For many years (1714-1761) the arts of corruption were practiced with astonishing success by a group of clever Whig politicians. It was to their most conspicuous leader, Sir Robert Walpole, that the first two Georges intrusted the conduct of affairs; and Walpole filled the important offices of state with his Whig friends.

Besides the friends he purchased, George III possessed a considerable number of enthusiastic and conscientious supporters. The country squires and clergy who believed in the Anglican Church and looked with distrust upon the power of corrupt Whig politicians in Parliament, were quite willing that a painstaking and gentlemanly monarch should do his own ruling. Such persons formed the backbone of the Tory party and sometimes called themselves the "king's friends." With their support and by means of a liberal use of patronage, George III was able to keep Lord North, a minister after his own heart, in power twelve years (1770-1782).

William Pitt the Younger was the most striking figure and the most dazzling statesman of his time. On 18 December 1783 George III turned to William Pitt to form a new Ministry, and afor an unbroken period of seventeen years William Pitt was Chief Minister. Almost the only questionable step to which Pitt resorted for strengthening his power was the lavish creation of peers. Though he was personally disinterested in appeals for his patronage, he did not hesitate to allow his lieutenants to manage patronage and bribery on a massive scale, especially at critical moments. In the graphic words of Disraeli: "He created a plebeian aristocracy and blended it with the patrician oligarchy. He made peers of second-rate squires and fat graziers. He caught them in the alleys of Lombard Street, and clutched them from the counting-houses of Cornhill. When Mr. Pitt in an age of bank restriction declared that every man with an estate of ten thousand a-year had a right to be a peer, he sounded the knell of "the cause for which Hampden had died on the field, and Sydney on the scaffold."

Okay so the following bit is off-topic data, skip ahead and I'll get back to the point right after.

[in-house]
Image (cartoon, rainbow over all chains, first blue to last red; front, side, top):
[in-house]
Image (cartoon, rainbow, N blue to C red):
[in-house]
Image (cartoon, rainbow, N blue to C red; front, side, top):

When the French aristocracy were leading a life which was so entirely divorced from the aspirations of the people as to produce the French Revolution, that was the very moment that Mr. Pitt saw the danger of the Government of this country falling into hands which were of too patrician a character. He thought that the House of Commons was composed too entirely of patricians. I do not know what he would have thought of the last House of Commons. He got a plebeian aristocracy and blended it with the patrician oligarchy in the House of Lords. The result was to make the House of Lords a Tory stronghold and to greatly lower the average intelligence of that body. This was the price paid for breaking up the Whig oligarchy.

Pitt's policy on creations did not always earn the respect or agreement of traditionalists in regard to the House of Lords. Certainly he had an open hand at the till in this respect and left a House of Lords with more Peers in proportion to the population than there are today. At the Revolution of 1688 the number of temporal peers was one hundred and fifty, at the accession of George III there were only one hundred and seventy-five. Previous to 1783 the creations and promotions under George III aggregated seventy-two, while Pitt in nineteen years added one hundred and forty.

The passage of the Reform Bill and other legislation led to a breakup of society; the older bourgeoisie fared badly, losing their homes and drilling to debtors' prisons and workhouses; and a new middle class rose to wealth and power.